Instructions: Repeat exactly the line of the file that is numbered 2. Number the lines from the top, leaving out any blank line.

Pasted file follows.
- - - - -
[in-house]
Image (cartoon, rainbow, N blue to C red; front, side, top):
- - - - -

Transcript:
Image (cartoon, rainbow, N blue to C red; front, side, top):